down version of FreeBSD running on an old pc with three nics (lan,
    internet, and dmz). It has a static ip of

    Separately I have a linksys router cable modem but it's actually not
    connected...of course it used to be how I connected to the internet.
    Maybe I need to use it as a router?
    network_out, Feb 26, 2006
  7. kiln

    network_out Guest

    Sorry, the server nic was already set to use it's own ip as the pref dns
    server. So are the workstations. Still can't browse to the internet from
    the workstations.
    network_out, Feb 26, 2006
  8. In
    I've heard of Smoothwall. I've used a FreeBSD firewall as an arp only
    (bridge) firewall. No ip addresses on it. It can scan packets for rules
    without the threat of an attacker hurtin git because it has NO IP addresses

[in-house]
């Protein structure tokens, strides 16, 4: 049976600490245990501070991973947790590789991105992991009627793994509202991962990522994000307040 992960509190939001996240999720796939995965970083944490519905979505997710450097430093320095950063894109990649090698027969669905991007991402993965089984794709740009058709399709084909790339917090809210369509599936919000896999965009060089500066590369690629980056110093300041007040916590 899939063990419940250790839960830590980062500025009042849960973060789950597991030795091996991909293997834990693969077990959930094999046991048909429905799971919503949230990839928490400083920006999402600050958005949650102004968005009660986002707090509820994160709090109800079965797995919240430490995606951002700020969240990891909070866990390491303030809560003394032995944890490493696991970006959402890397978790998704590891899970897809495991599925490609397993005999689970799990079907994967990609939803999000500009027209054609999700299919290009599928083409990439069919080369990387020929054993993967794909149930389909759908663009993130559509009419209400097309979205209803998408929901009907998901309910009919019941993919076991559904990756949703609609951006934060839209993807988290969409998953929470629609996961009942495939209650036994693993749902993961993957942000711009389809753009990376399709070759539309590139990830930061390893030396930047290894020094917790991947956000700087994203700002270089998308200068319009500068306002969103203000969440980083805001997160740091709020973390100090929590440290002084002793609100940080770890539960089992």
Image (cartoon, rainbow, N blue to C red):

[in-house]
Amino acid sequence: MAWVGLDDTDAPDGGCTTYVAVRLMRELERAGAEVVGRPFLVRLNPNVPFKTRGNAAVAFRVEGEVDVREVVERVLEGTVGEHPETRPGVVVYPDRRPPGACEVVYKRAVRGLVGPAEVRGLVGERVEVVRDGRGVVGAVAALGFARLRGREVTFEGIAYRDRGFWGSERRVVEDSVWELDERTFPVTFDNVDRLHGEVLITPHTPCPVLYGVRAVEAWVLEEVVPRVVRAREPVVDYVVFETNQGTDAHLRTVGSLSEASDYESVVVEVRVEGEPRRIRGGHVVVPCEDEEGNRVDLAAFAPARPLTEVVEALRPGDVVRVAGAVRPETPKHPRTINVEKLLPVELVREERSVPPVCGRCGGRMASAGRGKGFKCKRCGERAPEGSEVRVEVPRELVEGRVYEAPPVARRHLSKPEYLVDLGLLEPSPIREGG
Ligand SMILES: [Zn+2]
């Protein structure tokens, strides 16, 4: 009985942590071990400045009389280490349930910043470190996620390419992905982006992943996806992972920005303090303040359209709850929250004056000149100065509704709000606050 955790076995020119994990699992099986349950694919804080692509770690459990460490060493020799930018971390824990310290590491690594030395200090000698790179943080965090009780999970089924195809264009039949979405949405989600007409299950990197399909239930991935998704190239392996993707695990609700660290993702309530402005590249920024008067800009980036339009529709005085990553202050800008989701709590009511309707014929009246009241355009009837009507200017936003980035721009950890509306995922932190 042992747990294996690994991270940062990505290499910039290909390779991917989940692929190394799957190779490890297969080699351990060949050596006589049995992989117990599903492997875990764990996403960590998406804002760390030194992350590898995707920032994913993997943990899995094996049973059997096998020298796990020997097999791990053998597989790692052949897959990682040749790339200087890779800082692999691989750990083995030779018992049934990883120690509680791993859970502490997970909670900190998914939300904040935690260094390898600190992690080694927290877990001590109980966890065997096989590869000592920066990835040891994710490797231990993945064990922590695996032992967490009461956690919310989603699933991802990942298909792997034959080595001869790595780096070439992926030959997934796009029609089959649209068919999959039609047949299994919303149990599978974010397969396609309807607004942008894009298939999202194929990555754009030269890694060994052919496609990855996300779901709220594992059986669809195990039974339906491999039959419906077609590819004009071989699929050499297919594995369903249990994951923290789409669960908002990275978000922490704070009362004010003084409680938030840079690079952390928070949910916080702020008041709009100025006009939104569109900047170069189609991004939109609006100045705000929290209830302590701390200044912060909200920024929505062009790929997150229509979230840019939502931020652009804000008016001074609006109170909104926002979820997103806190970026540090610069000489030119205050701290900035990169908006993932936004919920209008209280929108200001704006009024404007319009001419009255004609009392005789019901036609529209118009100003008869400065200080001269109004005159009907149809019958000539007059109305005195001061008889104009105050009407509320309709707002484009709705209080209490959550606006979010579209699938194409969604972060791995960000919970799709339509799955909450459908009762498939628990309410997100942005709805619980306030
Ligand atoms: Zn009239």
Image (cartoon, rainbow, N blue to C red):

on it.

    Can you access the internet from the BSD machine? If not, I may be thinking
    traffic's being blocked. Double check your rules.

    I am assuming the smoothwall is also your NAT device connected to the
    router, DSL modem or cable modem (whatever you have)?

    Let's try to simplify it with a basic graphic on what you have. Can you
    describe the connections in more detail please, such as:

    cable modem -> smoothwall -> internal network.

    Internal network has:
    - Win2003 DOmain Controller
    - XP Clients

    And yes, ALL machines in an AD environment MUST only use the internal DNS.
    This also bades best practices for a non-AD network for your internal DNS to
    control resolution. Configure a forwarder for efficient internet resolution.
    DNS traffic must be allowed by the firewall inbound/outbound from the DNS

    Ace Fekay [MVP], Feb 26, 2006
  9. kiln

    Bill Grant Guest

    Have you checked to see whether it is DNS or routing? Can you ping a public
    IP from a workstation? What about nslookup from a workstation?
    Bill Grant, Feb 26, 2006
  10. kiln

    network_out Guest

    Hi - no I'm not able to ping a public ip addr from a workstation.
    nslookup does work. I've only used nslookup a couple of times so I'm not
    sure what it implies about my issues.

    network_out, Feb 26, 2006